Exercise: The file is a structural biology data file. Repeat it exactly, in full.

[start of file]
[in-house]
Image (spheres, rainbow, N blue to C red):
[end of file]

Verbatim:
[in-house]
Image (spheres, rainbow, N blue to C red):